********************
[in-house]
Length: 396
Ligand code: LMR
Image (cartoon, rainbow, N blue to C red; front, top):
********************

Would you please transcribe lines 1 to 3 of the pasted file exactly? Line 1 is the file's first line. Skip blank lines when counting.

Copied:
[in-house]
Length: 396
Ligand code: LMR